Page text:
Is Master Of Puppets Hard To Play? Here’s How To Learn It


Master Of Puppets is perhaps one of the most recognizable metal song ever recorded.

Have you ever thought about why does everyone talk about Master Of Puppets, in terms of guitar playing? Is it hard to play?

Master Of Puppets is hard to play. That’s because of its fast tempo (212 BPM) and downstrokes. It’s all downstrokes, for which you have to have very strong wrist and advanced sense of rhythm.

There ain’t a metal guitarist that didn’t even attempt to play it. Master Of Puppets is not just a metal anthem, it’s also an indicator of how good your guitar playing is.

Here’s what makes it so hard to master (no pun intended).

1. Downstrokes

Downstrokes are signature heavy and trash metal technique. You cannot consider yourself a metal guitarist if you haven’t mastered downstroke playing style yet.

Master Of Puppets is especially emphasizing downstroke playing, as it’s one of the best examples of James Hetfield’s famouse playing style. It’s played all in downstrokes, and that’s what is making it so hard.

Downstrokes are hard for someone who’s a guitar beginner, due to several reasons:

  • palm muting

Palm muting is essential for performing downstrokes. Why? It’s simple. If you don’t use your palm to mute the tone, your downstrokes will sound noisy, muddy and poor.

That’s why you just have to have palm muting technique mastered.

How To Learn To Palm Mute Strings Properly?

Place your hand on the strings. Slowly start to pick one string, for example low E. While you’re downstroking low E string, try to change the position and pressure of the palm you’re exerting on your strings.

The crucial thing is to find out the perfectly balanced palm mute. Palm mute that’s too loose and weak will result in the noisy, and muddy tone of your strings.

The tone of the strings that are too weakly palm muted will ring out too much.

Palm mute that’s too strong will result in the tone that’s too cut out. In other words, the strings that are too strongly palm muted won’t ring as much as you want them to.

  • picking depth

When you downstroke, it’s important to save as much energy as possible. Picking depth is the distance traveled by your hand every time you pick the string.

Try to reduce this movement as much as possible. That way you’ll save a significant amount of energy that’s needed to perform downstrokes properly and in tempo.

Downstroking Requires Patience

Downstroking requires a lot of time and patience. The crucial thing is to start very slow, and then gradually begin to increase the metronome.

Check out in details how to practice downstroke technique.

2. Fast Tempo

Master of Puppets have tempo of around 212 BPM. Metallica used to play it even faster in the 80’s.

With its fast tempo, one has to be advanced guitar player in order to follow the tempo with ease.

In order to play it with ease, you’ll almost certainly have to slow down the metronome and practice until you gradually get to the original tempo of playing.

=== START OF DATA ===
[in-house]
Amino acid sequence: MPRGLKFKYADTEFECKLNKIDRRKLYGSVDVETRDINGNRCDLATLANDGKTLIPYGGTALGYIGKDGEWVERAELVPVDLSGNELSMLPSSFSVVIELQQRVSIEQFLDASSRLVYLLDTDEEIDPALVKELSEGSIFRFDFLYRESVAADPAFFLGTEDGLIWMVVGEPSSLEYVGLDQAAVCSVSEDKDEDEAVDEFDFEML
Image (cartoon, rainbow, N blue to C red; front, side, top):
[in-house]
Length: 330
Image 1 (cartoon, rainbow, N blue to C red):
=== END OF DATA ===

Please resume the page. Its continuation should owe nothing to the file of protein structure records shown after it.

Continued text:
3. Advanced Rhythm Patterns

Most classical metal songs have an usual 4/4 rhythm pattern. Master of Puppets have that pattern also, but there’s more to it, once James Hetfield’s starts to sing.

There’s also a 5/8 rhythm pattern, and 2/4 pattern mixed with a regular 4/4 pattern.

That means that the rhythm in the song isn’t simple and straightforward. This advanced rhythm is part of what makes Master of Puppets hard to play. Advanced rhythmic patterns are something beginners struggle to grasp and master.

Check out the article I wrote about what makes a difference between an intermediate guitar player and a beginner.

4. Soloing

There are two main solos in Master of Puppets. First solo is slower, melodic, solo played in harmony with two guitars.

If you listen to studio version of the song, that solo starts at around 3:50. But that particular solo isn’t that hard to play.

Second solo is much harder. It starts at around 5:42 (studio version). Why is it hard to play that solo?

It’s because it employs a few of the advanced guitar techniques. First, you have to have strong fingers in order to produce a good tone when using hammer on’s and pull off’s.

Second, you have to develop a very fast picking speed, which takes practice.

Third, you have to master a bending technique, as this solo employs very advanced string bending licks. If you struggle with string bending, I recommend you to check the article from this page about it.

And lastly, you have to have a very good whammy bar technique, as this solo employs a several “dive bombs” with a whammy bar.

5. Sound Output Adjustment

Suppose that you’ve just learned to play Master of Puppets from beginning to the end. You plug your guitar in the amp and start to play.

All of a sudden, you notice how the sound coming from the amp is muddy and bad. A part of what makes this song hard to play is the fact that it’s hard to adjust the amp settings in order to make the sound good.

When you downpick through the main riff, it just sounds noisy and muddy. The key is to find the right setting of the tone and volume pots both on your guitar and your amp.

If you struggle with this issue, I recommend you to watch this cool video on how to get the exact sound as it is on Master of Puppets whole album.

Final Words

I hope this article gave you an insight about how to play this legendary song. If it helped you, I’m more than happy about it.

It is always a pleasure to help my fellow guitar brothers on their guitar journey!

Anyway, don’t forget to check out some other interesting articles from this site about various guitar topics and issues!

Cheers, and rock on!

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